Extra Consideration

Extra Consideration
The School Shooter Mod, Part 2

Extra Consideration | 23 May 2011 23:30
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imageMovieBob: Can't really go there with you, i.e. if the tech works but the story/setting are bigoted then it's still a "good" game - or at least not a bad one. I understand what you're saying, and could get onboard at least up to the point where it couldn't be just immediately dismissed; but it feels like a version of the argument that since games are traditionally most about play-mechanics that story-critique can't/shouldn't be part of the discussion, and I've never been comfortable with that. If the game has a narrative and/or a tangible "setting," those things are PART of the game and have to be taken into account. Just as I think it's acceptable to place Bioshock near the top of the FPS genre despite it's fairly by-the-numbers control/play scheme because its narrative element is so far above and beyond, I'd say it's also fair for "how does it treat the white-hot subject matter it's based around?" to be a factor in sizing up School Shooter - or Imagination is The Only Escape, or the Sonderkommand game, or whatever else falls into this wheelhouse.

The thing about Birth of a Nation, though, is that even though the narrative is hateful to the point of downright evil... it "works." The reason it's still - grudgingly and always with great caveat - revered in the study of film history isn't just the technical aspects but the storytelling ones. To the degree that you can put the "reality" of what was actually being depicted out of your head, the structure - guy fights "noble" but doomed war, returns to blighted home, goes vigilante - is executed with alarming skill, even today.

I'm willing to entertain the idea that a good shoot-em-up could be made in the narrative of a school shooting - and hell, I'll go one step further: I'd be REALLY interested to see someone have the stones to make an unironically non-judgmental one; i.e. one that doesn't instantly demonize the shooter(s) and maybe even - gasp! - explores whether or not there's a "point" to whatever they've been driven to... that maybe even says "obviously this is sick and horrible, but high school is HELL for some people and while I [the theoretical game maker] don't condone what they did I sort of understand how they got there." Of course doing it as anything other than a one-note ironic joke (the game in question) or an introspective art-game (Super Columbine Massacre) would sort of negate making a "pure fun" version just on the basis of logic: Spree-killings like this are generally affairs where a short run of "action" is followed by a drawn-out standoff. Not really XBL-multiplay-fun-fun material, unless you want to kid around about it.

You can't really make Call of Duty out of it, for example... but perhaps it could be a "stealth" game where you (the shooter) try to get out of the place alive post-massacre. Or you could "No Russian" it - have the protagonist be less-than-totally-sold-on-it co-conspirator with options to follow-through or subvert the "leader's" actions. Or better yet, a "survival" game where you're an innocent student/teacher trying to survive/escape the actual event by evading/resisting the shooters - maybe with a mechanic to lead others to safety (seriously, that JUST crossed my mind and now I'm wondering why it doesn't exist yet?) And hey... there's always the option of playing from the perspective of a police/SWAT man/team on the scene - something in the vein of Hostages aka Rescue: The Embassy Mission.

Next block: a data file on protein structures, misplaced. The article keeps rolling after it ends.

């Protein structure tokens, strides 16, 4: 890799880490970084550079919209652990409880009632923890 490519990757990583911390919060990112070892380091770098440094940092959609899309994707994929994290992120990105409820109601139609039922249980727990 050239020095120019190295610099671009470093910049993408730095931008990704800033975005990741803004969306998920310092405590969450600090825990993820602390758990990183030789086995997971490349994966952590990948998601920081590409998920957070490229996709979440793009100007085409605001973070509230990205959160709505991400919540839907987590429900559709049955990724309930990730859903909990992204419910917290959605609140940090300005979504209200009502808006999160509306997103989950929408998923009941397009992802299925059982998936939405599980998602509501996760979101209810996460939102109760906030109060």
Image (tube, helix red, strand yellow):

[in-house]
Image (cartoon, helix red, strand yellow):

Hm... thinking more on it, maybe the whole thing would lend itself more to the realm of an "interactive novel." I'd be curious to know - and maybe one you guys is more dialed-in to this than I would be - does Japan (where i-novels are more popular) have a comparable "problem" with school shootings/violence and if so have there been any material like that dealing with it?

imageJames Portnow: Agreed about Birth, it has a lot of execution merit all around, not only as a technical work but also in terms of how they delivered their message. When I said "film technique" I meant in understanding how to use the medium of film (it broke a lot of ground). But execution alone, even if innovative, is not enough for me to call something "good". I may call it "brilliant" or "groundbreaking" but not "good" (this was really just a semantic distinction I wanted to raise with Jim about how he was using good and bad in the previous mail).

Also, the "survive a school shooting game" is brilliant. I've wanted to do something similar with a civilian in a warzone game for a while, but that may well be a better tack!

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